to be (the) abyss deep

siares

Senior Member
Slovak
Hello all,
in Vampire diaries there is a dialogue, a highschool girl is told she's shallow, she says:
I don't mean to be. I wanna be deep. I wanna be, like...the abyss deep.

Could you confirm whether, as I think, any article or none could be used?
- the abyss deep = that specific depth associated with abysses
- an abyss deep = deep like a / any abyss
- 0article abyss deep = here abyss-deep = adjective so there's no need for article

Thank you
 
  • siares

    Senior Member
    Slovak
    Aah yes, not a noun, you're right.
    Would you use a zero article or an 'an'?
    I know the 'the tiger' usage but there's also: He's strong as a bull. (I haven't head it with strong as the bull, have you?)
     

    VicNicSor

    Banned
    Russian
    I would use zero article too, but not an indefinite one.

    I wanna be deep like an abyss. -- sounds fine to me.
    but
    I wanna be an abyss deep. -- sounds not fine to me.

    Let's see what others say.
     

    siares

    Senior Member
    Slovak
    I wanna be an abyss deep. -- sounds not fine to me.
    Thanks, Vic, it looks like nobody else will come so I might post another example in another thread.
    In the meantime,
    I reviewed some threads on a/the + animal and felt cosmic despair. Can you remember whether there are any threads on articles + semantic differences between nouns?
    For example, once I got this example:
    A cheetah can run 110 kmph.:tick:
    Any cheetah can run 110 kmph.:cross:
    The crosses are not about grammar, but the truth value; any cheetah includes cheetahs with broken legs who cannot run 110 kmph.
    In this respect cheetahs + speed differ from abysses + depth; any abyss is very deep.

    So maybe 'an abyss deep' could be justified this way.
     

    Florentia52

    Modwoman in the attic
    English - United States
    I would take "I want to be, like, abyss deep" to refer to any abyss, and "I want to be like, the abyss deep" to refer to a particular abyss, or the one abyss. She's saying "I want to be as deep as the abyss."
     

    siares

    Senior Member
    Slovak
    Thanks Florentia.
    There is no other abyss mentioned or featuring in the series. She must be talking generally even using the 'the abyss'. Is this something where you would ask your comanion: which abyss?

    Are you ruling out 'an abyss deep' completely?
     

    Edinburgher

    Senior Member
    German/English bilingual
    Might I venture to suggest that I wanna be, like...the abyss deep. is mis-spelt and that "The Abyss" should have been capitalized and enclosed in quotes.
    It seems likely that it is a reference to the abyss in the thriller The Abyss - Wikipedia
     

    siares

    Senior Member
    Slovak
    Thank you, Edinburgher. That sounds plausible.

    How about if we compare the person to an animal?
    'The bull' can work as a representative of class of bulls. So in the following, could it be read like that, rather than as 'specific bull'?

    I wanna be, like, the bull strong.
     

    PaulQ

    Banned
    UK
    English - England
    I wanna be, like...the abyss deep. = I wanna be, like..."the abyss" deep. - ["the abyss"] is a adjectival phrase -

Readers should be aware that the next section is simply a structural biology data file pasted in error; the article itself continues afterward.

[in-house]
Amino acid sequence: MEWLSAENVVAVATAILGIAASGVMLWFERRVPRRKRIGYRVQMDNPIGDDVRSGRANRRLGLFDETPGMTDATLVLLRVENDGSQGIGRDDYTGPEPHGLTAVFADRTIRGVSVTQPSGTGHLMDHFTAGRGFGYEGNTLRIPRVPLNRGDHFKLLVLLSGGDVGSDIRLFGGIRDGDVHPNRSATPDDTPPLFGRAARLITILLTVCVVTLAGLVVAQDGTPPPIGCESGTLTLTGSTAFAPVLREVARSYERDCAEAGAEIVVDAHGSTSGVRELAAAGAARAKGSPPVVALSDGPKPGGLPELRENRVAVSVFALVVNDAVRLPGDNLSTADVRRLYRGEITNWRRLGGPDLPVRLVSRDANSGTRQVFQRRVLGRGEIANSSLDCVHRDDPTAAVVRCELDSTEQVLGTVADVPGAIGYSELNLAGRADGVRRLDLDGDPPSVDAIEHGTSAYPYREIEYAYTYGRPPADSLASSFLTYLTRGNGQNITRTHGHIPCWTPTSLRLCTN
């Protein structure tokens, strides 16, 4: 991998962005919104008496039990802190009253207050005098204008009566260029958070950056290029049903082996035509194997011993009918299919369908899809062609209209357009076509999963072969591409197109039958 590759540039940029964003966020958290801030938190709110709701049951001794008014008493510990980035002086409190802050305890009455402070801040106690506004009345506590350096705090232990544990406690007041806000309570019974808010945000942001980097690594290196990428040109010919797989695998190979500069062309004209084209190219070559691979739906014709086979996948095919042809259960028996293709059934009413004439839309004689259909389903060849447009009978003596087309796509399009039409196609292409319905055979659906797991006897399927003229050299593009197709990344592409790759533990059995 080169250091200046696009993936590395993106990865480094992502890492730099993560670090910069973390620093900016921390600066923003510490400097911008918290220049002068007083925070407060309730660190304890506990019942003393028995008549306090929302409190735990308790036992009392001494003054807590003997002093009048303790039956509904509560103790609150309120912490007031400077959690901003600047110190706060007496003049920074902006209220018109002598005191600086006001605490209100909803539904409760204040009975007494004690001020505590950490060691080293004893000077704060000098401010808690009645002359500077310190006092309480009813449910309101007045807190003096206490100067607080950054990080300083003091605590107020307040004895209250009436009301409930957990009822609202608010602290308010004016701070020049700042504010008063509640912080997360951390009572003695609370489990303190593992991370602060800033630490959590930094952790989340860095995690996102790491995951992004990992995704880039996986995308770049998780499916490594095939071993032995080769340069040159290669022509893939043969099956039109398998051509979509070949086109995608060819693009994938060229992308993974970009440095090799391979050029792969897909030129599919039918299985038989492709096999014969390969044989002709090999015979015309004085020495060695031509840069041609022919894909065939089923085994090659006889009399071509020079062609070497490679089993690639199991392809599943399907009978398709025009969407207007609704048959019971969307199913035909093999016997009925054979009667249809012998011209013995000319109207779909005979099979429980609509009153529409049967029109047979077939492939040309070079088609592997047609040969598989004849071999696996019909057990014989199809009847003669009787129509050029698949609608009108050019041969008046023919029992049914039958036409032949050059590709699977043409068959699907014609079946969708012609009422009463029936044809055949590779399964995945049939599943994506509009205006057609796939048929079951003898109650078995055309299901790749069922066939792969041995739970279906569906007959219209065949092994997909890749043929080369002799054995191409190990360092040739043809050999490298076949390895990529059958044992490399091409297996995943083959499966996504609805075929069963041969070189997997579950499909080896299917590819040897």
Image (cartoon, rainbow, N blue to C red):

I wanna be, like...as deep as the abyss is deep.

    The abyss/Abyss - OED: 1. c The great deep or bottomless gulf believed in old cosmogonies to lie beneath the earth; the infernal pit, the abode of the dead, hell.
     

    siares

    Senior Member
    Slovak
    ["the abyss"] is a adjectival phrase
    Hm, so, not an ordinary everyday abyss then?
    Is this something like: she's hot, like The Sun hot?

    And what is an adjectival phrase?
    Are normal nouns unusable like that? Such as: I want to be an/the bull strong?
     

    PaulQ

    Banned
    UK
    English - England
    Hm, so, not an ordinary everyday abyss then?
    The abyss/Abyss - OED: 1. c The great deep or bottomless gulf believed in old cosmogonies to lie beneath the earth; the infernal pit, the abode of the dead, hell.
    It depends on whether you think the eternal pits of boiling sulfur and damnation are "everyday" or not. :D
    And what is an adjectival phrase?
    A phrase (usually considered as two or more words lacking a finite verb) that modifies or qualifies a noun, noun phrase, gerund, or pronoun.

    "The Abyss" is a term for what is known as "Hell". It seems, strangely, that the capital is optional - perhaps because the captial "h" in Hell" is also optional.

    Are normal nouns unusable like that? Such as: I want to be an/the bull strong?
    No. It seems to be reserved for proper nouns/names - "I want to be tall! The Eiffel Tower tall! The Empire State Building tall!"
     

    Trochfa

    Senior Member
    UK
    English - England
    "The Abyss" is a term for what is known as "Hell". It seems, strangely, that the capital is optional - perhaps because the captial "h" in Hell" is also optional.
    :thumbsup:

    I definitely agree with Paul and think "the abyss" here means "hell". This is about vampires, and they are often associated with hell. She wants to be as deep as hell.
     

    PaulQ

    Banned
    UK
    English - England
    So it is either "river deep, mountain high" or "the Mississippi deep, the Everest high", isn't it? :)
    Ah! Good point!

    "The Mississippi deep" works because the river is commonly referred to as "the Mississippi", but it would be "Everest high" as Everest is never expressed as "the Everest."
     
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